"Whereas it is essential, if man is not to be compelled to have recourse, as a last resort, to rebellion against tyranny and oppression, that human rights should be protected by the rule of law."

On April 10, 2008, the Cameroon Parliament amended the Constitution of the country. This amendment, which was signed into law on April 14, 2008 by Paul Biya, removed Presidential term limit and effectively paved the way for Paul Biya to become President for Life in Cameroon. CCDHR publicly denounced this constitutional maneuver because it lacked the spirit of the very basis of the legitimacy of power. CCDHR maintained that since the process leading to this amendment was illegitimate, everything that came with it was illegal ab initio. CCDHR is therefore reiterating its solemn and unequivocal opposition to the 2008 constitutional amendment in Cameroon and is again calling on President Paul Biya to make it clear before all Cameroonians and the international community that he will not seek re-election at the end of his current and legal final term in office which ends this year, 2011.

President Biya has been in power since 1982 and seems to be firm in his conviction to be President for life. Despite his professed commitment to human rights and freedoms, President Biya and his governments have repeatedly violated the rights of the people of Cameroon. Human rights activists, independent journalists,    regime  critics, members of opposition political parties, and pressure groups are regularly harassed, detained, and tortured, while elections in Cameroon have been rife with fraud and serious misconduct. The judicial branch of the government is flawed and endemic with injustice and inequity. Far from being independent, the judicial system is subject to frequent political manipulations at the whims of the President. The political situation in Cameroon is just as deplorable. Access to power in Cameroon has become increasingly limited to political and tribal affiliations, electoral fraud, unjust laws, corruption, and cronyism.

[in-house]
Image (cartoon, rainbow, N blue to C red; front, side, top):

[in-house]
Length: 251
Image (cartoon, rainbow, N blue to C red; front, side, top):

As the government of Paul Biya continues to strengthen its hold on power at the detriment of the country and its people, there is little hope that the situation will self-improve without increased local and international scrutiny, concerted international pressure, and motivation by Cameroonians themselves to demand and fight for the change that they most deserved. Without the institution of democratic reforms, Cameroon could eventually fall into the chaos of civil war, a fate that has befallen many similar African nations. CCDHR is therefore calling on the international community and the people of Cameroon to coordinate their efforts in a concerted attempt to starve off disaster and rectify the situation of human rights and democracy in Cameroon. Such efforts should include support for democratic infrastructures and persistent scrutiny of the human rights record of the Government of Cameroon. Meanwhile, for democracy to take hold in Cameroon peacefully, Paul Biya must allow democracy-loving Cameroonians to take the lead.

"Democracy is not an option in today’s Cameroon, it is the only way out of our misery, it is the only hope for development and economic prosperity, it is the only means to public accountability, and it is the only avenue to give back power where it rightfully belongs (the people of Cameroon), so that ordinary Cameroonians can have confidence in their public officials and express their patriotism without reservation".

Eric N NJUNGWE